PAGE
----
means for determining that the calculated angular velocity of the rotor and the estimated angular velocity of the rotor are not substantially equal to each other when the calculated ratio exceeds the predetermined ratio.
12. An apparatus according to claim 9, wherein the predetermined phase value is equal to π radians.
13. An apparatus according to claim 9, further comprising means for inverting a sign of the calculated angular velocity of the rotor to correct the calculated angular velocity of the rotor when it is determined that the calculated angular velocity of the rotor and the estimated angular velocity of the rotor are not substantially equal to each other.
14. An apparatus according to claim 9, further comprising means for updating the calculated angular velocity of the rotor in response to the correction-resultant calculated angular position of the rotor when it is determined that the calculated angular velocity of the rotor and the estimated angular velocity of the rotor are not substantially equal to each other.
15. An apparatus according to claim 9, further comprising means for using the estimated angular velocity of the rotor instead of the calculated angular velocity of the rotor in adjusting the voltage command values when it is determined that the calculated angular velocity of the rotor and the estimated angular velocity of the rotor are not substantially equal to each other.
16. An apparatus for position sensor-less control of a permanent magnet synchronous motor having multiple-phase armature windings and a rotor, the apparatus comprising:
means for generating phase voltages;
means for applying the generated phase voltages to the armature windings;
means for detecting phase currents through the armature windings;
means for calculating an angular position and an angular velocity of the rotor on the basis of the detected phase currents;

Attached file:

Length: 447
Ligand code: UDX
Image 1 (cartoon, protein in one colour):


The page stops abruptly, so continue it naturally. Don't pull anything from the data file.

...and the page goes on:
means for adjusting the phase voltages in response to the calculated angular position and the calculated angular velocity of the rotor to implement feedback control of the motor;
means for estimating an angular velocity of the rotor from a variation with respect to the lapse of time of the calculated angular position of the rotor;
means for determining whether or not the calculated angular velocity of the rotor and the estimated angular velocity of the rotor are substantially equal to each other; and
means for correcting the calculated angular position and the calculated angular velocity of the rotor when it is determined that the calculated angular velocity of the rotor and the estimated angular velocity of the rotor are not substantially equal to each other.
Description
CROSS-REFERENCES TO RELATED APPLICATIONS

This is a continuation-in-part of U.S. patent application, Ser. No. 08/599,132, filed on Feb. 9, 1996 and now U.S. Pat. No. 5,726,549 issued on Mar. 10, 1998.

BACKGROUND OF THE INVENTION

1. Field of the Invention

This invention relates to a method and an apparatus for sensor-less control of a permanent magnet synchronous motor.

2. Description of the Related Art

It is known to control a permanent magnet synchronous motor without using any positional sensor. In one example of known sensor-less speed control, the rotor position and the speed of a permanent magnet synchronous motor are calculated from the instantaneous values of phase voltages and phase currents according to a given voltage equation corresponding to an equivalent circuit of the motor. Drive of the motor is adjusted in response to the calculated rotor position and the calculated speed.

Since the polarity of a magnetic field can not be determined by the above-indicated voltage equation, two different angular positions are present as the calculated rotor position. At start of the motor, the polarity of a magnetic field is examined, and an initial angular rotor position is determined on the basis of the examination result. Then, selection is given of one of two angular rotor positions which has continuity with the initial angular rotor position. Subsequently, selection is periodically given of one of two angular rotor positions which has continuity with the immediatelypreceding selected angular rotor position.

During low-speed drive of the motor, voltage command values are relatively small, and the difference between the voltage command values and phase voltages actually applied to the motor tends to be relatively great due to a dead time. Such a great difference causes a large error in the calculated angular rotor position. Accordingly, there is a chance that the polarity of a magnetic field will be erroneously recognized. In the erroneous recognition, the calculated angular rotor position differs from the actual angular rotor position by an error corresponding to about T radians.